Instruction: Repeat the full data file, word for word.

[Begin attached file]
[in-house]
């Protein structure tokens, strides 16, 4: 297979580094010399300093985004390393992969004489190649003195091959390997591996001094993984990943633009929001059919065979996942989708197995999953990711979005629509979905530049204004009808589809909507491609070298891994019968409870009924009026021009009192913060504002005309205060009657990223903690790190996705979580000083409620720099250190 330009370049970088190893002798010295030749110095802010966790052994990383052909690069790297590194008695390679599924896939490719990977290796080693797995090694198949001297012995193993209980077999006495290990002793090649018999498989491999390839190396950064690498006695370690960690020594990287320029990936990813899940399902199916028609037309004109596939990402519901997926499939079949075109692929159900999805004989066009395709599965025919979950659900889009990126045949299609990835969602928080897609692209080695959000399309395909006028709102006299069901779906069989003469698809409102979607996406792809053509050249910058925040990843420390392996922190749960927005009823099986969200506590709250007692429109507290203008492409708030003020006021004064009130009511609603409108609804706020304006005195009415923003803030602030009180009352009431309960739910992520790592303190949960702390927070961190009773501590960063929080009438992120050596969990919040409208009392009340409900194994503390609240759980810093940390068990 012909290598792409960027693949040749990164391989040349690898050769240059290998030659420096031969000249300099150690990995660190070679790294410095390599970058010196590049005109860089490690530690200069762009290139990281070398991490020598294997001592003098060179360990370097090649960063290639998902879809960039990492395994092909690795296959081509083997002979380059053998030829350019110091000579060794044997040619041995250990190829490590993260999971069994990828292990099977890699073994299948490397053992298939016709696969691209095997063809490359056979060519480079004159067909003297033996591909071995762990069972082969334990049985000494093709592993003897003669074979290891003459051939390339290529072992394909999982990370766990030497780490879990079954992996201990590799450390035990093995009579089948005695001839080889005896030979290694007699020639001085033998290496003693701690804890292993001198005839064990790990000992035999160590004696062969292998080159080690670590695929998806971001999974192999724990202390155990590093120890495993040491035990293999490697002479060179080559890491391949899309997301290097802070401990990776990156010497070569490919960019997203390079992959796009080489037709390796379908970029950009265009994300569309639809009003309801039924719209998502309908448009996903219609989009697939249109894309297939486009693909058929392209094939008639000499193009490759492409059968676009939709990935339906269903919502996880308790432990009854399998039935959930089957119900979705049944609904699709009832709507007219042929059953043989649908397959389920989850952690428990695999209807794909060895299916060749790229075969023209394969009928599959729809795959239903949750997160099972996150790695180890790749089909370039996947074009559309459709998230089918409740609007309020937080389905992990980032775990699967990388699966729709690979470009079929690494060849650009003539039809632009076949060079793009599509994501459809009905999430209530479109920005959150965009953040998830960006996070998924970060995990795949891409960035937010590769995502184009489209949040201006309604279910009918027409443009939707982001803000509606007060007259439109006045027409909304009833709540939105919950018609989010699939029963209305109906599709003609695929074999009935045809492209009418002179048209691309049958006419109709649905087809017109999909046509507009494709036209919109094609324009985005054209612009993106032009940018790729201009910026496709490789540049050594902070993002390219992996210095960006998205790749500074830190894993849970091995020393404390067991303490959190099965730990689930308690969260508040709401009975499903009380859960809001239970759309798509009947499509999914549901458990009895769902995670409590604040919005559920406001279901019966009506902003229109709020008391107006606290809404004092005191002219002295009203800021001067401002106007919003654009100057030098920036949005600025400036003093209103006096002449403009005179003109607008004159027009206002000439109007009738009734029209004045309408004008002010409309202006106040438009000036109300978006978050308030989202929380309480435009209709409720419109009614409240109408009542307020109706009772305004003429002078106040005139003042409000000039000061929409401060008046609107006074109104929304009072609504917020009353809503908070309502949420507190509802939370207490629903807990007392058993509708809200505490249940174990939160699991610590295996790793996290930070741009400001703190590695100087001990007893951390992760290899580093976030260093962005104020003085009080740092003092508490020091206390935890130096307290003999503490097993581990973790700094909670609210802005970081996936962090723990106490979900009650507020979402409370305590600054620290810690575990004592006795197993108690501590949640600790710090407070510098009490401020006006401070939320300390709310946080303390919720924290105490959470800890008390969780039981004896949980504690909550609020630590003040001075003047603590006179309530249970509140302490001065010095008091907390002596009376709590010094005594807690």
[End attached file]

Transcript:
[in-house]
């Protein structure tokens, strides 16, 4: 297979580094010399300093985004390393992969004489190649003195091959390997591996001094993984990943633009929001059919065979996942989708197995999953990711979005629509979905530049204004009808589809909507491609070298891994019968409870009924009026021009009192913060504002005309205060009657990223903690790190996705979580000083409620720099250190 330009370049970088190893002798010295030749110095802010966790052994990383052909690069790297590194008695390679599924896939490719990977290796080693797995090694198949001297012995193993209980077999006495290990002793090649018999498989491999390839190396950064690498006695370690960690020594990287320029990936990813899940399902199916028609037309004109596939990402519901997926499939079949075109692929159900999805004989066009395709599965025919979950659900889009990126045949299609990835969602928080897609692209080695959000399309395909006028709102006299069901779906069989003469698809409102979607996406792809053509050249910058925040990843420390392996922190749960927005009823099986969200506590709250007692429109507290203008492409708030003020006021004064009130009511609603409108609804706020304006005195009415923003803030602030009180009352009431309960739910992520790592303190949960702390927070961190009773501590960063929080009438992120050596969990919040409208009392009340409900194994503390609240759980810093940390068990 012909290598792409960027693949040749990164391989040349690898050769240059290998030659420096031969000249300099150690990995660190070679790294410095390599970058010196590049005109860089490690530690200069762009290139990281070398991490020598294997001592003098060179360990370097090649960063290639998902879809960039990492395994092909690795296959081509083997002979380059053998030829350019110091000579060794044997040619041995250990190829490590993260999971069994990828292990099977890699073994299948490397053992298939016709696969691209095997063809490359056979060519480079004159067909003297033996591909071995762990069972082969334990049985000494093709592993003897003669074979290891003459051939390339290529072992394909999982990370766990030497780490879990079954992996201990590799450390035990093995009579089948005695001839080889005896030979290694007699020639001085033998290496003693701690804890292993001198005839064990790990000992035999160590004696062969292998080159080690670590695929998806971001999974192999724990202390155990590093120890495993040491035990293999490697002479060179080559890491391949899309997301290097802070401990990776990156010497070569490919960019997203390079992959796009080489037709390796379908970029950009265009994300569309639809009003309801039924719209998502309908448009996903219609989009697939249109894309297939486009693909058929392209094939008639000499193009490759492409059968676009939709990935339906269903919502996880308790432990009854399998039935959930089957119900979705049944609904699709009832709507007219042929059953043989649908397959389920989850952690428990695999209807794909060895299916060749790229075969023209394969009928599959729809795959239903949750997160099972996150790695180890790749089909370039996947074009559309459709998230089918409740609007309020937080389905992990980032775990699967990388699966729709690979470009079929690494060849650009003539039809632009076949060079793009599509994501459809009905999430209530479109920005959150965009953040998830960006996070998924970060995990795949891409960035937010590769995502184009489209949040201006309604279910009918027409443009939707982001803000509606007060007259439109006045027409909304009833709540939105919950018609989010699939029963209305109906599709003609695929074999009935045809492209009418002179048209691309049958006419109709649905087809017109999909046509507009494709036209919109094609324009985005054209612009993106032009940018790729201009910026496709490789540049050594902070993002390219992996210095960006998205790749500074830190894993849970091995020393404390067991303490959190099965730990689930308690969260508040709401009975499903009380859960809001239970759309798509009947499509999914549901458990009895769902995670409590604040919005559920406001279901019966009506902003229109709020008391107006606290809404004092005191002219002295009203800021001067401002106007919003654009100057030098920036949005600025400036003093209103006096002449403009005179003109607008004159027009206002000439109007009738009734029209004045309408004008002010409309202006106040438009000036109300978006978050308030989202929380309480435009209709409720419109009614409240109408009542307020109706009772305004003429002078106040005139003042409000000039000061929409401060008046609107006074109104929304009072609504917020009353809503908070309502949420507190509802939370207490629903807990007392058993509708809200505490249940174990939160699991610590295996790793996290930070741009400001703190590695100087001990007893951390992760290899580093976030260093962005104020003085009080740092003092508490020091206390935890130096307290003999503490097993581990973790700094909670609210802005970081996936962090723990106490979900009650507020979402409370305590600054620290810690575990004592006795197993108690501590949640600790710090407070510098009490401020006006401070939320300390709310946080303390919720924290105490959470800890008390969780039981004896949980504690909550609020630590003040001075003047603590006179309530249970509140302490001065010095008091907390002596009376709590010094005594807690």